One of the main reasons for that lack of trust stems from the frequency of false reviews from businesses either trying to promote their own brand or, worse, downgrade their competition. Happily, states have begun to crack down, with New York recently charging some businesses with false advertising for trying to game review sites. While a small step, it undoubtably signals a positive direction for businesses overall.

Or at least those focused on improving their review scores.

Conclusion

Your brand is not some mystical, intangible thing; instead a brand is the sum of all the experiences your customers have with your business. Not just what you tell guests about yourselves, but what they experience, every step of the way. Your customers travel through myriad steps prior to making a purchase decision and each step informs them a bit more about who you are and what value you provide. And, increasingly, reviews communicate your brand more effectively and more efficiently than any other marketing activity you undertake—whether it’s the brand story you want your guests to hear or not.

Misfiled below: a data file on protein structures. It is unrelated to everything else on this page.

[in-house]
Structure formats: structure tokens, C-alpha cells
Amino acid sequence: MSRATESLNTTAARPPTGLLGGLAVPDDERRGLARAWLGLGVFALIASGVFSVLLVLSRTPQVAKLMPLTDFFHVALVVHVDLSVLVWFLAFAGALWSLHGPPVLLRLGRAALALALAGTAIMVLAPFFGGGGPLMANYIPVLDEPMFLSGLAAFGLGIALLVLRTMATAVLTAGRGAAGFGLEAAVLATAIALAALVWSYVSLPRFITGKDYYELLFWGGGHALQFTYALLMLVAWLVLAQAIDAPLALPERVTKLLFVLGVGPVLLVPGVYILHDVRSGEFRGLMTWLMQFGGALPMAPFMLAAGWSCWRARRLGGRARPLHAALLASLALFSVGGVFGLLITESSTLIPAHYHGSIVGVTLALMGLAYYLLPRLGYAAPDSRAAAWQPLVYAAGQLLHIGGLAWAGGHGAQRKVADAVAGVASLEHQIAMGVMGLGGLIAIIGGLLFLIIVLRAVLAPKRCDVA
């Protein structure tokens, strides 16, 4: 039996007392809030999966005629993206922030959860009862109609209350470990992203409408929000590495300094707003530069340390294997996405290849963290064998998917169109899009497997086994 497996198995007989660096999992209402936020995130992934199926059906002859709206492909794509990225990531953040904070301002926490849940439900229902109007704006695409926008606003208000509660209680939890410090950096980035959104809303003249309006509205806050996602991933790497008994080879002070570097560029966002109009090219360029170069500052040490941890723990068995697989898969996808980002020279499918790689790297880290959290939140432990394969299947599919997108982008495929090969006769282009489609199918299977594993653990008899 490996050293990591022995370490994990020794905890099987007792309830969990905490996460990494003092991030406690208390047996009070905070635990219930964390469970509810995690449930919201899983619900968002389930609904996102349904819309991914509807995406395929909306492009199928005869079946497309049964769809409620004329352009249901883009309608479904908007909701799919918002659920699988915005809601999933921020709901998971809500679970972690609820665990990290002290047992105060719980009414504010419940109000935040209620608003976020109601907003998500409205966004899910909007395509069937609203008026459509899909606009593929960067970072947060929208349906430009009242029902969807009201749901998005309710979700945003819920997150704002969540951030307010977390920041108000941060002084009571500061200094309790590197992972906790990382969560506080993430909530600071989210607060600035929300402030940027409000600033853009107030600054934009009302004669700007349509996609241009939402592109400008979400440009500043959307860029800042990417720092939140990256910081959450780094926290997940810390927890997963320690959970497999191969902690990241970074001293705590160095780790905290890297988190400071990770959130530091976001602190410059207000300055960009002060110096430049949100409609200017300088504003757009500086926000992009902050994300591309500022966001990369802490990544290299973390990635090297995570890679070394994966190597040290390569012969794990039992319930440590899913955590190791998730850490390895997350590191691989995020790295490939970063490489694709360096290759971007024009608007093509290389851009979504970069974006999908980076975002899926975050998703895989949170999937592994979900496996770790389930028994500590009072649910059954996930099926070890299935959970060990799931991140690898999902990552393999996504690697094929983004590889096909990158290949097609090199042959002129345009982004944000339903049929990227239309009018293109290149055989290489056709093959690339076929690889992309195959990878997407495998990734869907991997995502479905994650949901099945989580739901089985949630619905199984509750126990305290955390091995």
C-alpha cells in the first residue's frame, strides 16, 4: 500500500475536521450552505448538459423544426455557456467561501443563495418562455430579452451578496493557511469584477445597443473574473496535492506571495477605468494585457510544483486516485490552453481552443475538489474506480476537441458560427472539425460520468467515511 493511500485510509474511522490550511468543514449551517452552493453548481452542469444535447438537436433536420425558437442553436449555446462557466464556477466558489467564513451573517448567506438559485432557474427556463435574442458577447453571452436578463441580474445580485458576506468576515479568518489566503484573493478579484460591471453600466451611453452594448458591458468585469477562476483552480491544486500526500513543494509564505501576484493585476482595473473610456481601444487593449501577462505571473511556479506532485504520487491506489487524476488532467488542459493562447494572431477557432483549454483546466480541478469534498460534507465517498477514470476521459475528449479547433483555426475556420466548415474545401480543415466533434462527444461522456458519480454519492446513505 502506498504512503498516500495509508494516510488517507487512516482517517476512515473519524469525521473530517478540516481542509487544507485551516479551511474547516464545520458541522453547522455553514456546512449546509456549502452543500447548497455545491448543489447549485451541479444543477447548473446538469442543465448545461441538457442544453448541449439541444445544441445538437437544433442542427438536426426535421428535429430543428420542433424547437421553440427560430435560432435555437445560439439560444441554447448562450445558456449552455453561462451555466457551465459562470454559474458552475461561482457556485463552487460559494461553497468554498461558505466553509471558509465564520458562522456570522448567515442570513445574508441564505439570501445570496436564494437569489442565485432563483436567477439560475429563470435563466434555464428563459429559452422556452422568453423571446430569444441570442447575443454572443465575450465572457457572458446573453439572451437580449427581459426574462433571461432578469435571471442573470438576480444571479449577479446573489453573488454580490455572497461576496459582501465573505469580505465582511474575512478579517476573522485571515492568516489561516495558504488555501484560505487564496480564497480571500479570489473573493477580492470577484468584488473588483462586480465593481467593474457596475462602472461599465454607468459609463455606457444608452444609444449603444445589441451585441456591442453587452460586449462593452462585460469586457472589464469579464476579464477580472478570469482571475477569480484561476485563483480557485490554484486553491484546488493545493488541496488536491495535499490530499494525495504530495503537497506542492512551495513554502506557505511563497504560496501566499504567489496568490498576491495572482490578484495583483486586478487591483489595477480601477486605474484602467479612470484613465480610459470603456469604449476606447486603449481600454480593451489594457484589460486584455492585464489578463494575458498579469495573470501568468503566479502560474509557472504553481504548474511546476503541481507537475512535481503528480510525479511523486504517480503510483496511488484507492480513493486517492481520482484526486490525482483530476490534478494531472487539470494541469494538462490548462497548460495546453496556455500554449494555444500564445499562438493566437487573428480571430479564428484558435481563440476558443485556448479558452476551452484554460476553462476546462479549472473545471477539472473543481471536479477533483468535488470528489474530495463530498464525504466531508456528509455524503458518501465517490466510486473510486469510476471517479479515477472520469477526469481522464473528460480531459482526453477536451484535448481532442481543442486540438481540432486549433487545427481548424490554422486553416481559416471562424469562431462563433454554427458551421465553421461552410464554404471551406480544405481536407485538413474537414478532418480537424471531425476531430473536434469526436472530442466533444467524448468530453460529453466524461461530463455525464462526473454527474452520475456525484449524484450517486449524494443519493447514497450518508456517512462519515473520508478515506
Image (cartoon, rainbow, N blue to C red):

Yes, fake reviews are a problem. But that’s beginning to work itself out.

And, yes, improving your ratings and reviews takes effort. But not working to improve your customers perception of your brand and business costs you money, every day. I didn’t say it’s the easiest way to improve your marketing’s value. I simply said that it’s the most effective way. So, before you start another marketing campaign, take a look at what your customers say about your business and your brand, then ask yourself, what can I do to improve what they say about me.